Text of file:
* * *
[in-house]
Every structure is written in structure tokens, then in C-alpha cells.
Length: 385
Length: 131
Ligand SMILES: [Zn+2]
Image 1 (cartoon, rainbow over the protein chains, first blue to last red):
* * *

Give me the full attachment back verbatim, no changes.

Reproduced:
[in-house]
Every structure is written in structure tokens, then in C-alpha cells.
Length: 385
Length: 131
Ligand SMILES: [Zn+2]
Image 1 (cartoon, rainbow over the protein chains, first blue to last red):